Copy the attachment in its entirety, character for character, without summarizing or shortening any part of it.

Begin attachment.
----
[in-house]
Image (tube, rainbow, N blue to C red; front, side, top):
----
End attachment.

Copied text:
[in-house]
Image (tube, rainbow, N blue to C red; front, side, top):